The political situation that gave rise to the Mattachine Society was the era of McCarthyism, which began with a speech by Senator Joseph R. McCarthy of Wisconsin at a Lincoln’s Birthday dinner of a Republican League in Wheeling, West Virginia, on February 9, 1950. In it McCarthy accused the Truman Administration of harboring “loyalty and security risks” in government service. And the security risks, he told Congressional investigators, were in no small part “sex perverts.” A subcommittee of the Senate was duly formed to investigate his charges, which amounted to little more than a list of government employees who had run afoul of the Washington vice squad, but such was the mentality of the time that all seven members of the subcommittee endorsed McCarthyls accusations and called for more stringent measures to “ferret out” homosexuals in government.

The May 1959 issue of the Mattachine Review, an American LGBT magazine

Formation and Structure.

The organization founded by Hay and his associates was in fact modeled in part on the Communist Party, in which secrecy, hierarchical structures, and “democratic centralism “were the order of the day”. Following also the example of freemasonry, the founders created a pyramid of five “orders” of membership, with increasing levels of responsibility as one ascended the structure, and with each order having one or two representatives from a higher order of the organization. As the membership of the Mattachine Society grew, the orders were expected to subdivide into separate cells so that each layer of the pyramid could expand horizontally. Thus members of the same order but different cells would remain unknown to one another. A single fifth order consisting of the founders would provide the centralized leadership whose decisions would radiate downward through the lower orders.

The discussions that led to the formation of the Mattachine Society began in the fall of 1950, and in July 1951 it adopted its official designation. As Marxists the founders of the group believed that the injustice and oppression which they suffered stemmed from relationships deeply embedded in the structure of American society. These relationships they sought to analyze in terms of the status of homosexuals as an oppressed cultural minority that accepted a “mechanically …superimposed heterosexual ethic” on their own situation. The result was an existence fraught with “self-deceit, hypocrisy, and charlatanism” and a “dis- turbed, inadequate, and undesirable . . .sense of value.” Homosexuals collectively were thus a “social minority” unaware of its own status, a minority that needed to develop a group consciousness that would give it pride in it’s own identity. By promoting such a positive self-image the founders hoped to forge a unified national movement of homosexuals ready and able to fight against oppression. Given the position of the Mattachine Society in an America where the organized left was shrinking by the day, the leaders had to frame their ideas in language accessible to non-Marxists. In April 1951 they produced a one-page document settingout their goals and some of their thinking about homosexuals as a minority. By the summer of 1951 the initial crisis of the organization was surmounted as its semipublic meet- ings suddenly became popular and the number of groups proliferated. Hay himself had to sever his ties with the Communist Party so as not to burden it with the onus of his leadership of a group of homosexuals, though by that time the interest of the Communist movement in sexual reform had practically vanished.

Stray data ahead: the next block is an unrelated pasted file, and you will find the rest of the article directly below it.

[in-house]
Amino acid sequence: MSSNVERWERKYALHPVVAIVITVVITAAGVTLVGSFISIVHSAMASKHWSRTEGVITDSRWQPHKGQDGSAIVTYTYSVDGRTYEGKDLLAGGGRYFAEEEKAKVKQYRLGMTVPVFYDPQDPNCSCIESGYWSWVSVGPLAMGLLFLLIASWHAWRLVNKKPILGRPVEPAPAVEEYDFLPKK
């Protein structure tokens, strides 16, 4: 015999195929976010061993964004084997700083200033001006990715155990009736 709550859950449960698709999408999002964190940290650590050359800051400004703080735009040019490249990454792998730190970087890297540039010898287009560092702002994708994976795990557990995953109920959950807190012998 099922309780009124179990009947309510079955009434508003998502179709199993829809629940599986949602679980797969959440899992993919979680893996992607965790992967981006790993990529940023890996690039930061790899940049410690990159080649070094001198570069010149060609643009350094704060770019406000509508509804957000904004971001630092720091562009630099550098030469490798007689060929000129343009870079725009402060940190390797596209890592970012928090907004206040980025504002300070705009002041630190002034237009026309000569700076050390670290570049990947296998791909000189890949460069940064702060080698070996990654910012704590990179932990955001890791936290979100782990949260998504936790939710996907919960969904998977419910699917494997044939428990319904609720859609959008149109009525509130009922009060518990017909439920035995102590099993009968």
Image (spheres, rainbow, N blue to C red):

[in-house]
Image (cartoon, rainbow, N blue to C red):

Early Struggles and Accomplish- ments.

In February 1952 the Mattachine Society confronted its first issue: police harassment in the Los Angeles area. One of the group’s original members, Dale Jennings, was entrapped by a plain clothesman, and after being released on bail, he called his associates who hastily sum- moned a Mattachine meeting of the fifth order. As the Society was still secret, the fifth order created a front group called Citizens Committee to Outlaw Entrapment to publicize the case. Ignored by the media, they responded by distributing leaflets in areas with a high density of homosexual residents. When the trial began on June 23, Jennings forthrightly admitted that he was a homosexual but denied the charges against him. The jury, after thirty- six hours of deliberation, came out deadlocked. The district attorney’s office decided to drop the charges. The contrast with the usual timidity and hypocrisy in such cases was such that the Citizens Committee justifiably called the outcome a “great victory.”

With this victory Mattachine began to spread, and a network of groups soon extended throughout Southern California, and by May 1953 the fifth order estimated total participation in the society at more than 2,000. Groups formed in Berkeley, Oakland, and San Francisco, and the membership became more diverse as individual groups appealed t o different segments of gay society.